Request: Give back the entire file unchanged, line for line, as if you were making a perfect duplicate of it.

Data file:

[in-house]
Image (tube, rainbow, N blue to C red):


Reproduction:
[in-house]
Image (tube, rainbow, N blue to C red):